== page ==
What is fibroid embolisation and how does it work?
Fibroid embolisation is a procedure that has been performed worldwide for over 20 years. The procedure is conducted in an angiography suite (“cath lab”) at Mercy Angiography, which is in the Mercy Hospital at 98 Mountain Road, Epsom in Auckland. Your interventional radiologist will be assisted by nurses and other highly trained staff.
Small particles are used to block the blood vessels supplying the fibroids. It is a minimally invasive procedure performed by an interventional radiologist requiring only a tiny nick in the skin in the groin, with most patients able to go home the day after the procedure.
You will be given medication before the procedure to help relax and control pain, but you will remain awake during the procedure.
Under x-ray guidance a small flexible plastic tube called a catheter is feed into the artery in the groin and then into the artery supplying the fibroids.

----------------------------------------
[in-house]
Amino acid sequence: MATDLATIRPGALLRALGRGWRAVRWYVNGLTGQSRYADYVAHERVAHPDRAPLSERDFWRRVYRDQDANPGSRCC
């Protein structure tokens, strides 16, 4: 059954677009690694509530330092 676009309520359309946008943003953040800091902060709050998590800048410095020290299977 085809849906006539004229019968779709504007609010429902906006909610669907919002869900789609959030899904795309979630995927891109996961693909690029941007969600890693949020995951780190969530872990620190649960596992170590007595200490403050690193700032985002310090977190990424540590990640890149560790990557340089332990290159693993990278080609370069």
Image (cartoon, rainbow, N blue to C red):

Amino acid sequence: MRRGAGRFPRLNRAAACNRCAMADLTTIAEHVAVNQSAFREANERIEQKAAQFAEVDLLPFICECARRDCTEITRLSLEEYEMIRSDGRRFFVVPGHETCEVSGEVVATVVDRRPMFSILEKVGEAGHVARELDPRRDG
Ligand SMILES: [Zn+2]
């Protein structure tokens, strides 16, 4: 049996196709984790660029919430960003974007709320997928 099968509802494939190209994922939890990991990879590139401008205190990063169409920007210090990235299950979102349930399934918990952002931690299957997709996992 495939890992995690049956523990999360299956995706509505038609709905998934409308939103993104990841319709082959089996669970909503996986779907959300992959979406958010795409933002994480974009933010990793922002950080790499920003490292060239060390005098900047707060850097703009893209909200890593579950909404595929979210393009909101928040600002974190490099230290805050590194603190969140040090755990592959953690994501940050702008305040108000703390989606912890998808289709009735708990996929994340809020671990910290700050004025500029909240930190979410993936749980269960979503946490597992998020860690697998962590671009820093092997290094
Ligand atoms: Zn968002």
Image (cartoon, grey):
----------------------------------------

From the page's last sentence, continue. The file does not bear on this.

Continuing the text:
Particles smaller than a grain of sand are injected into the artery, blocking the blood vessels supplying the fibroids. It doesn’t matter how many fibroids are in the uterus because all of them are treated at the same time.
Without blood supply the fibroids die off and then shrink, on average by 40 - 50%, over a 3 to 6 month period. The majority of patients have a significant improvement in their symptoms, both for heavy bleeding (80 - 90%) and pelvic pressure (80-90%) after 4 to 6 weeks.
The particles used to block the blood vessels are made from plastic type materials that are biocompatable (don’t react with the body) and are smaller than a grain of sand. These particles have been used for over 40 years in a wide variety of procedures with no significant side effects from the material reported. In total no more than a teaspoon of particles is usually required to complete the procedure. There are two main types of particles made from Polyvinyl alcohol or PVA and tris-acryl gelatin spheres called ‘Embospheres”.